With Cleveland Browns Coach Kevin Stefanski set to miss Sunday’s playoff game against the Pittsburgh Steelers after testing positive for the coronavirus, his team said on Tuesday that the role of acting head coach will be filled by special teams coordinator Mike Priefer.

The 54-year-old Priefer has been with the Browns since 2019, following eight years with the Minnesota Vikings, for whom he once served as the acting head coach during a 2016 regular season game.

Priefer’s stint with the Vikings is also noteworthy for a two-game suspension in 2014, after an outside investigation determined that there was “credibility” to a former player’s accusation that he once said, “We should round up all the gays, send them to an island, and then nuke it until it glows.”

That accusation was made by ex-punter Chris Kluwe in a January 2014 essay he wrote for Deadspin in which he claimed that his advocacy for same-sex marriage probably led to his release the previous year by Minnesota after eight seasons with the team. Kluwe wrote that, in addition to the “nuke” comment, Priefer’s other remarks on the topic included: disgust at the thought of two men kissing; belittling “any idea of acceptance or tolerance”; and claiming more than once that the punter would “wind up burning in hell with the gays.”

Hours after Kluwe’s essay was published, Priefer issued a statement in which he “vehemently” denied the allegations.

“I want to be clear that I do not tolerate discrimination of any type and am respectful of all individuals. I personally have gay family members who I love and support just as I do any family member,” Priefer said in his statement. “The primary reason I entered coaching was to affect people in a positive way. As a coach, I have always created an accepting environment for my players, including Chris, and have looked to support them both on and off the field.”

The Vikings hired a pair of attorneys to investigate Kluwe’s allegations about Priefer’s comments and the reasons for the punter’s release. In a July 2014 report they noted that the team’s long snapper at the time, Cullen Loeffler, told them he also heard Priefer talk about “putting all the gays on an island and nuking it.” For the attorneys, that provided an important piece of corroboration, although they wrote that no other witnesses they interviewed recalled hearing any remarks of that nature by Priefer.

The report also stated that the special teams coach initially denied to investigators that he made any inappropriate remarks about the LGBTQ community or marriage equality, and that he “categorically denied” making the “nuke” comment. However, when presented with Loeffler’s recollection, Priefer said he was “not going to disagree with it.”

At that point, per the report, Priefer told investigators, “It was a joke between three people, three men.”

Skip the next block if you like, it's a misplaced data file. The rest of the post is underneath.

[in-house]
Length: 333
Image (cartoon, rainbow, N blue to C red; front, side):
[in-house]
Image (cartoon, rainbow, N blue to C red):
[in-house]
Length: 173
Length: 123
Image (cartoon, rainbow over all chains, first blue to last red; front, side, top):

In announcing a three-game suspension for Priefer, the Vikings said their organization “does not accept, condone or tolerate any type of insensitive or disparaging remarks.” Priefer expressed “regret” at the time, and he added, “I am extremely sorry, but I will learn from this situation and will work on educating others to create more tolerance and respect.”

The Vikings also noted then that the ban could be reduced to two games if Priefer attended sensitivity training, and when he was reinstated after the first two weeks of the 2014 season, the team said it was informed that he had been “fully and thoughtfully engaged throughout the process and successfully completed the [training] program.”

At his introductory news conference with the Browns in February 2019, Priefer addressed his suspension, telling reporters (via cleveland.com), “A situation occurred in Minnesota where I made a comment I shouldn’t have made. I apologized for that comment.

“And I learned a lot from it,” he continued. “What I learned is that you can’t say hurtful things about people, period. No matter where you are or who you are talking to.”

Priefer, who was born in Cleveland, noted at that news conference that he grew up in Northeast Ohio. He went on to attend the U.S. Naval Academy, where he began his coaching career after serving as an officer for six years, including tours of duty in the Persian Gulf and in the Mediterranean Sea. According to his team bio, he also earned a master’s degree from the University of Maryland.

After cutting his teeth as a graduate assistant with Navy, Priefer’s first coaching jobs were at the college level, including a brief stint at Virginia Military Institute, before he was hired in 2002 by the Jacksonville Jaguars to assist with their special teams. He held the same role with the New York Giants the following three years, then oversaw special teams for the Kansas City Chiefs and Denver Broncos.

Now Priefer has been tasked with leading the Browns to a victory on the road in their first postseason appearance in 18 years. The team hasn’t won a playoff game since 1995, when then-head coach Bill Belichick defeated Bill Parcells and the New England Patriots.

Asked on Twitter on Tuesday for his thoughts on Priefer’s sudden assignment, Kluwe said, “I’m sure he will continue the fine tradition of Cleveland’s postseason success and I wish him the best while doing so.”